The PDCA model follows a four-step cycle to achieve continuous improvement.10 This method is also applicable to new projects or processes, products, or services. When followed, PDCA facilitates more robust project planning, root cause analysis, data collection and review, and ability to maintain focus. ‘Plan’ signifies developing an understanding of the possible countermeasure leading to an improvement. ‘Do’ is implementing the countermeasure. ‘Check’ is analysing the data that inform the effectiveness of the countermeasure on the topic of improvement. ‘Adjust’ is applying the learning from the data analysis and either developing refinements to the original countermeasure or developing a new countermeasure.

Incorporating a tool such as ‘The Model for Improvement’ can help QI teams focus on what they are seeking to achieve. The Model for Improvement has three key questions:

  1. What are we trying to accomplish?

  2. How will we know if a change is an improvement?

  3. What changes can we make that will result in improvement?

Chlamydia screening QI project for illustrating the features of a QI project

There were 1.5 million chlamydia infections reported to the Centers for Disease Control and Prevention in 2015, with nearly 80% of these being reported from outside of sexually transmitted diseases clinics.11 Adolescents and young adults between the ages of 16 and 24 account for half of these infections; they also have the highest burden of the disease in the USA, four times higher than the general public. Rates of infection have continued to increase since 2013. In 2017, the rate for women is approximately 687 per 100 000.12 The estimated annual cost of chlamydia infection in the USA is estimated to be between $250 and $770 million.13

Multiple national physician and public health groups recommend chlamydia screening for sexually active women younger than 25 years old in order to reduce the rates of infection and sequelae of the disease. These sequelae include pelvic inflammatory disease (PID), chronic pelvic pain, tubo-ovarian abscesses and infertility. There is also evidence that chlamydia infection facilitates the transmission of HIV.14 Randomised control trials have shown that screening for chlamydia can reduce PID rates.15 However, screening rates remain low.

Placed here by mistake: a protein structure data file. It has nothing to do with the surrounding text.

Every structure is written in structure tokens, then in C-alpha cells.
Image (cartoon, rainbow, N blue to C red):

The objective of this paper is to provide readers an overview on what resources and training programmes are recommended to support these QI endeavours. The following section provides a step-by-step process on how a specific QI project was designed and implemented to address poor chlamydia screening and treatment for young women at a large healthcare institution. Improvement in screening for chlamydia was chosen as a QI effort as this infection is the most commonly reported sexually transmitted disease in the USA, occurring at a rate of over 3265.7 cases per 100 000 in women aged 15–19, and 3985.8 cases per 100 000 in women aged 20–24.16 Untreated chlamydia infection can lead to complications such as PID, infertility and tubal pregnancy.


We used PDCA and the Model for Improvement steps to implement QI to improve chlamydia screening in women aged 16–24, and use this project as an exemplar to illustrate the steps of QI. We chose a focus on chlamydia screening due to the health burden that the infection poses, the availability of non-invasive screening tests, success of treatment and our institution’s low rates of screening which needed improvement. The chlamydia screening QI project was a multidepartment collaboration (ie, family medicine, internal medicine, paediatrics, obstetrics and gynaecology, and the University Health Service) of the University of Michigan Health System, an academic institution located in Midwestern USA. Representatives from each department worked together to produce a standard approach to develop the workflow, educational materials and a clinical decision support tool that was integrated into the electronic health record (EHR). To gain skills in QI, several members (GG and so on) of our team gained training in Lean healthcare, epidemiology and process change. For data collection we used outputs from our EHR, conducted interviews of clinicians and staff to understand the current state and challenges in chlamydia screening, and conducted clinical observations in the involved specialties. We assessed progress continually, with quarterly reporting to local clinical teams. The focus of this report is a 1-year period from 21 May 2014 to 31 May 2015.